Trash or Treasure: Mystery surrounds Rivera-like canvas
It could be authentic. It could also be the work of a student trying to imitate the artist’s style. That was the upshot of a recent appraisal of a canvas that closely resembled the work of well-known painter Diego Rivera. Brian Thomczek delivered the verdict at a recent appraisal session held at the Michigan Design Center in Troy.
Dan McGraw, who brought the piece in, gave some background in his original email to the column supporting his hope that the painting was authentic and asking for advice and a value.
“In 1931, prior to his stay in Detroit, Diego Rivera created a portable mural in New York City for the Museum of Modern Art. The mural was made of reinforced concrete and galvanized steel. It stands five feet tall by eight feet long. “Sugarcane” as it became known tested the injustices of an agrarian society. It features a sugarcane plantation with it owner, an overseer with whip and pistol, Mexican laborers sacking cane while a mother and her children cut and gather papayas.
While in NYC, Rivera made friends with an American and a Soviet photographer. Together they discussed “depth of field” and Rivera used it purposely for the first time with “Sugarcane.” He showed a foreground interest that leads your eye into the painting until you reached a spot where a dog leads you to the background. The portable mural is currently on display at the Philadelphia Museum of Art.
I own an unsigned portrait study of the little girl who is seen holding a basket in the foreground of the mural. Before retiring I owned a picture-framing store in downtown Rochester. A customer came in to pick out a frame for it but decided that she wouldn’t know where to hang it and as she left the store she shoved it into a trashcan. I rescued it and placed it on a shelf where it stayed for three or so years. I knew it was the style of Rivera and so I began researching it. I brought it to be inspected by the late Frank Boos from the Antique Roadshow. He was excited to see the painting but without provenance he could not authenticate it. So every five years or so I would begin a search for its origin. A year ago, while visiting the web site of the Philadelphia Museum of Art the “Little girl” jumped out at me.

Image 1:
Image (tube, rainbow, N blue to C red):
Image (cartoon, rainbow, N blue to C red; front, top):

My painting is on canvas that I restretched on its original stretcher bars to take out a wrinkle. I also framed it with a beautiful black Larsen-Juhl frame with a silver liner. I know that portrait studies are often left unsigned; in fact Rivera only signed about 75 percent of his work.
Thomczek started by listing some facts. “This is definitely an early 20th-century canvas,” he said about the material. But there were a few things that made him doubt. “There is more detail in the dress in the original,” he explained. “If you had more of a provenance it would make an appraisal so much easier.”
He said that without one, it’s difficult to give any definitive answers. “Many times art students would study a particular section of a better-known work and copy it,” he explained. “This could be an example of that.”
He said it would take a Rivera expert to tell him for sure. “Museums would be very helpful but they can’t give monetary values,” he said. “They might be able to help with attribution.”
“It is a very interesting piece and the resemblance is indeed striking,” he said. “If worst comes to worst, you still have a nice painting,” he said, estimating its worth as $80 to $100.
McGraw isn’t giving up just yet. “I’ve had this for years and I’d really like some answers. I guess I’ll have to go to Philadelphia.”
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About this item
Item: Oil on canvas
Owned by: Dan McGraw
Appraised by: Brian Thomczek
Estimated value: $80 and up